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    "Gort's" robot head from The Day the Earth Stood Still. (TCF, 1951) Directed by Robert Wise, 1951's The Day the Earth Stood Still is based on the short story "Farewell to the Master" (1940) written by Harry Bates. The film stars Michael Rennie as the humanoid alien visitor, "Klaatu," who comes to Earth, accompanied by a powerful 8-foot metal robot (Gort), to issue an ultimatum to humanity. Gort does not speak, but uses a beam weapon projected from beneath a visor to vaporize weapons and obstacles. Klaatu describes him as being part of an interstellar police force. He announces that the people of the universe constructed numerous robots like Gort and gave them irrevocable powers to respond to violent actions in order to "preserve the peace." He goes on to say, "There's no limit to what Gort could do. He could destroy the Earth." Toward the end of the film, Patricia Neal's character speaks the incredibly famous line, "Gort...Klaatu barada nikto." after which Gort relented from destroying the Earth. Gort appears to be constructed from a single piece of "flexible metal." In many scenes, Gort remains motionless in front of the saucer resting on the National Mall in central Washington, D.C., while scientists and military researchers examine him. A static 8-foot Gort statue was created for these sequences. A smaller, half-scale Gort was used for close-up sequences when Gort's visor raises and he fires his beam weapon. In the sequences when Gort moves, he was portrayed by 7 ft., 7 in.-tall actor Lock Martin wearing a thick foam-rubber suit designed and built by Addison Hehr. Constructed of fiberglass and metal, the robot's massive head measures 14 in. tall x 13 ¼ in. wide x 17 in. long. A trio of 8 ¼ in. metal supports are bolted to the fiberglass skull cap that fitted to Lock Martin's head, enabling the robot to appear even taller. Nine distinctive air holes are crafted beneath the robot's chin, allowing Martin to breathe. The helmet has been expertly repainted, and the original wooden earpieces were reassembled and accompany the lot. Replacement ear pieces, identical in appearance, were installed for longevity. The missing visor was accurately replaced in hand-crafted aluminum by a master armorer using visual reference from studio photo stills. The Day the Earth Stood Still was the first science-fiction epic of its kind and paved the way for the future of the genre. Gort remains as the most famous robot in film history whose form has graced countless posters and sci-fi imagery since the film's 1951 release. The importance of this science fiction artifact cannot be overstated.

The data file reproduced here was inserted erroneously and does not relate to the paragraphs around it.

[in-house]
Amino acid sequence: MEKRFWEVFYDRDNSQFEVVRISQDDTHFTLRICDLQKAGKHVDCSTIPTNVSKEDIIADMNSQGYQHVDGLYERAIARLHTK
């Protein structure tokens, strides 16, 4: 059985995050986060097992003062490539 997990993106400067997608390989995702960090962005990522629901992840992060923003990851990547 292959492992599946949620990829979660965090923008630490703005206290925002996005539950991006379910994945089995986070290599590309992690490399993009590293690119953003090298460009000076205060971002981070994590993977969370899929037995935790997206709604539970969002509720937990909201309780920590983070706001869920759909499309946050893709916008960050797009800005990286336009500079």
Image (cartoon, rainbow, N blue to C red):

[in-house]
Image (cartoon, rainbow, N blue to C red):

Auction Info

    Auction Dates
    December, 2012
    15th Saturday
    Bids + Registered Phone Bidders: 1
    Lot Tracking Activity: N/A
    Page Views: 70
    Sold on Dec 15, 2012 for: Sign-in or Join (free & quick)
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